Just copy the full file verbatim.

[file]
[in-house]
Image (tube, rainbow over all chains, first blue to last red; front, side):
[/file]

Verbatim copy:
[in-house]
Image (tube, rainbow over all chains, first blue to last red; front, side):